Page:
John Calvin, The Epistles of Paul the Apostle to the Romans and to the Thessalonians, trans. Ross Mackenzie, Calvin's New Testament Commentaries, vol. 8, ed. David W. Torrance and T. F. Torrance (Grand Rapids, MI: Eerdmans, 1960), 44. Italics mine.
 John Calvin, Institutes of the Christian Religion, ed. John T. McNeill; trans. Ford Lewis Battles, Library of Christian Classics 20-21 (Philadelphia, PA: Westminster Press, 1960), III.xviii.1. Italics mine.
 I discuss this union with Christ-good works-eternal life complex at length in Chapter 3 of Life in Christ, particularly with a view to Calvin's handling of conditional language in his Romans commentary. I contrast Calvin's approach with Melanchthon's, among others.
 There is evidence Rainbow is not interested in a careful reading of Calvin, however. He introduces one of Calvin's most sophisticated and nuanced statements about what sola fide does and does not mean with "Hear Calvin squirm" (xxi).
 Francis Turretin, Institutes of Elenctic Theology, trans. George Musgrave Giger; ed. James T. Dennison, Jr., 3 vols. (Phillipsburg, N.J.: P&R, 1994), vol. 2, pp. 702-3 (topic 17, quest. 3).
 Peter Lillback's The Binding of God: Calvin's Role in the Development of Covenant Theology, Texts and Studies in Reformation and Post-Reformation Thought (Grand Rapids, MI: Baker, 2001), is a helpful study that is sensitive to this functional, rather than merely nominal, part of the Law-Gospel picture. Rather than dismissing Lillback's work, Clark (340) would have been well advised to examine its many citations with this distinction in view.
 Neither HC 21 ("What is true faith?"), 56 ("What believest thou concerning 'the forgiveness of sins'?"), nor 60 ("How art thou righteous before God?") teaches that sanctification is the result of justification, as Clark insists. Only Ursinus's comments on Q&A 21 could be cited in support of such an idea, but his comments on the HC are of course not to be confused with the Catechism itself. All the same, this is not to exclude the evidence, clear in my view, of distinctly Lutheran influences within the Catechism, something also rejected in Clark's essay but outside the scope of this review. See, on the actually quite limited extent of the Catechism's self-conscious Reformed identity, Lyle D. Bierma, "The Sources and Theological Orientation of the Heidelberg Catechism," in An Introduction to the Heidelberg Catechism: Sources, History, and Theology, ed. Lyle D. Bierma et al., Texts and Studies in Reformation and Post-Reformation Thought (Grand Rapids, MI: Baker, 2005), 75-102, esp. the conclusions on p. 102.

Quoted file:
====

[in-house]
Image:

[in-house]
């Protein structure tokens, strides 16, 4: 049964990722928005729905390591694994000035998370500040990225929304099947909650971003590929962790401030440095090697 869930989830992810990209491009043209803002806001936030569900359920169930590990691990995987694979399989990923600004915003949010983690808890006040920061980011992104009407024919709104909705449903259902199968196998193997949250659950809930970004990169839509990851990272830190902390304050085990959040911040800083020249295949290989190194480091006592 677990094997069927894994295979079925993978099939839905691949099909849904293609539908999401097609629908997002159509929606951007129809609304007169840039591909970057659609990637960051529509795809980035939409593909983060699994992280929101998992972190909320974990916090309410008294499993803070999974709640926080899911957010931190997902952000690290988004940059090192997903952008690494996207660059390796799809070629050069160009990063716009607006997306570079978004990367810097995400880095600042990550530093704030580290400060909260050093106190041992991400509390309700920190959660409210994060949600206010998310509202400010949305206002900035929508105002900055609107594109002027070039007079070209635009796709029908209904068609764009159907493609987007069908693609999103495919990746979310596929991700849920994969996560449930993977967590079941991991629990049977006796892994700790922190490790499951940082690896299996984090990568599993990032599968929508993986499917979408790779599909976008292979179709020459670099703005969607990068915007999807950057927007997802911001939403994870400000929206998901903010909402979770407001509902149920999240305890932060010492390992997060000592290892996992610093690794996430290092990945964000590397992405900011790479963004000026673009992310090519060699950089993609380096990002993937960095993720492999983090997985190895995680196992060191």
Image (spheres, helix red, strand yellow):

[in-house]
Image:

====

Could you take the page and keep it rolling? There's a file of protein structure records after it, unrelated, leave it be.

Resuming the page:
The reader will notice that, unlike Clark, VanDrunen, in each of these citations, speaks in a more nuanced manner not of sanctification as the result of justification per se but of "justifying faith." If by this choice of expression VanDrunen intends only that faith (whether justifying, adopting, or with a view to any benefit that faith-union with Christ brings) yields sanctification, then this is certainly acceptable. I am unsure VanDrunen intends subtly to distinguish his view from Clark's, however.
 Lane G. Tipton's essay on union with Christ and justification in K. Scott Oliphint, ed., Justified in Christ: God's Plan for Us in Justification (Fern, Ross-shire: Mentor, 2007), pp. 23-49, discusses this point in a compelling fashion that reflects a nuanced grasp of the best of the Reformed tradition on this question.
 See, e.g., The Book of Concord: The Confessions of the Evangelical Lutheran Church, ed. Robert Kolb and Timothy J. Wengert (Minneapolis, MN: Fortress Press, 2000), p. 569.
 Since working through Way of Salvation and CJPM I have come across Justified in Christ: God's Plan for Us in Justification, noted earlier. The essay in this volume by Peter Lillback is an example of a more nuanced handling of the Reformed-Lutheran question coming from one within confessional presbyterianism.
Mark A. Garcia is a minister in the Presbytery of the South and regular supply at Immanuel Orthodox Presbyterian Church in Oakdale, Pennsylvania. Ordained Servant, October 2007.
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Ordained Servant: October 2007
Also in this issue
by Gregory E. Reynolds
by J. Gresham Machen
by J. V. Fesko
by Arthur J. Fox
by Danny E. Olinger
by D. G. Hart